cora laki 

      8 years ago

      ok!

      thank you very much

    • CJStone profile imageAUTHOR

      Christopher James Stone 

      8 years ago from Whitstable, UK

      Let me know when you've written it cora.

    • profile image

      cora laki 

      8 years ago

      i was thinking of writing a story my self that is about.... well ill tell you once iv wrote it haha

    • profile image

      cora laki 

      8 years ago

      wow i understant completley it is a very good story i think you will be a sucsessful writer could yo give me some tips?

    • HubCrafter profile image

      HubCrafter 

      8 years ago from Arizona

      Just found this hub today. I enjoyed it immensely. Like a child with a new storybook.

      HubCrafter

    • CJStone profile imageAUTHOR

      Christopher James Stone 

      8 years ago from Whitstable, UK

      Glad you enjoyed. Nothing like a good old cuckle in the morning.

    • hotspur profile image

      hotspur 

      8 years ago from England

      Thanks for the story, made me cuckle...chuckle even.

    • theguru-reports profile image

      theguru-reports 

      8 years ago from Montana

      Good work...today I just want to BE visible :-0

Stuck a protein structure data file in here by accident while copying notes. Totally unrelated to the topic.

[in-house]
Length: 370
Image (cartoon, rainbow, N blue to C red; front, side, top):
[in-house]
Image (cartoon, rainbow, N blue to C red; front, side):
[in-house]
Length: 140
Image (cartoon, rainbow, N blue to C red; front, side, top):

• CJStone profile imageAUTHOR

      Christopher James Stone 

      9 years ago from Whitstable, UK

      I'm sure you'll find your cloak, staff and book one day, but the point is to know when not to wear them.

    • jenblacksheep profile image

      jenblacksheep 

      9 years ago from England

      This is a great story. Like several others commenting before me I think I need to find my cloak, staff and book!!

    • profile image

      cosette 

      9 years ago

      I LUV THIS HUB. GREAT GREAT GREAT!!! (I rated it UP too)...

    • tonymac04 profile image

      Tony McGregor 

      9 years ago from South Africa

      Thanks for a great story CJ! I love your Hubs and this is a great one.

      Love and peace

      Tony

    • CJStone profile imageAUTHOR

      Christopher James Stone 

      9 years ago from Whitstable, UK

      I have considered writing for children Barb H, but it is harder than it sounds. One day maybe...

    • CJStone profile imageAUTHOR

      Christopher James Stone 

      9 years ago from Whitstable, UK

      Aye, one of the best Chandira. I still have a follow up to write at some point.

    • profile image

      Chandira 

      9 years ago

      That's a good one, that is Sir. I like. Indeed.

    • CJStone profile imageAUTHOR